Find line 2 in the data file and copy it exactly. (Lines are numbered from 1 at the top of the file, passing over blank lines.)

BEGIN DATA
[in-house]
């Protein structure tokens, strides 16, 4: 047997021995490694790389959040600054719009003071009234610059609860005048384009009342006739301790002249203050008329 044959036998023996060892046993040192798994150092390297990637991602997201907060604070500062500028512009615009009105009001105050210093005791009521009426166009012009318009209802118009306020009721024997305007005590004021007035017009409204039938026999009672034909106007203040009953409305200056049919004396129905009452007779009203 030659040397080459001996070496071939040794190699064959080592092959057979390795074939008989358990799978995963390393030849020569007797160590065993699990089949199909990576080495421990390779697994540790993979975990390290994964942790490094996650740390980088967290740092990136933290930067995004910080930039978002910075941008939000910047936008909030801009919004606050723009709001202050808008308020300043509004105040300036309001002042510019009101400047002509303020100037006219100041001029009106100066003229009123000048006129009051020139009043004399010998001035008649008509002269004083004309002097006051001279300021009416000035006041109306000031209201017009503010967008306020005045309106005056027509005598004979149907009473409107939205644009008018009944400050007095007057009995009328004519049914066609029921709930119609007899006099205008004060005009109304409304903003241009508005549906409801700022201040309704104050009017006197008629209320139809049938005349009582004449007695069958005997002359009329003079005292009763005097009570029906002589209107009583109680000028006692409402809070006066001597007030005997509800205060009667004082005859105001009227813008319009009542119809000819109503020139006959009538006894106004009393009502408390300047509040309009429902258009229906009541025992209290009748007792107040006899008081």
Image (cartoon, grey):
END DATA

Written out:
């Protein structure tokens, strides 16, 4: 047997021995490694790389959040600054719009003071009234610059609860005048384009009342006739301790002249203050008329 044959036998023996060892046993040192798994150092390297990637991602997201907060604070500062500028512009615009009105009001105050210093005791009521009426166009012009318009209802118009306020009721024997305007005590004021007035017009409204039938026999009672034909106007203040009953409305200056049919004396129905009452007779009203 030659040397080459001996070496071939040794190699064959080592092959057979390795074939008989358990799978995963390393030849020569007797160590065993699990089949199909990576080495421990390779697994540790993979975990390290994964942790490094996650740390980088967290740092990136933290930067995004910080930039978002910075941008939000910047936008909030801009919004606050723009709001202050808008308020300043509004105040300036309001002042510019009101400047002509303020100037006219100041001029009106100066003229009123000048006129009051020139009043004399010998001035008649008509002269004083004309002097006051001279300021009416000035006041109306000031209201017009503010967008306020005045309106005056027509005598004979149907009473409107939205644009008018009944400050007095007057009995009328004519049914066609029921709930119609007899006099205008004060005009109304409304903003241009508005549906409801700022201040309704104050009017006197008629209320139809049938005349009582004449007695069958005997002359009329003079005292009763005097009570029906002589209107009583109680000028006692409402809070006066001597007030005997509800205060009667004082005859105001009227813008319009009542119809000819109503020139006959009538006894106004009393009502408390300047509040309009429902258009229906009541025992209290009748007792107040006899008081």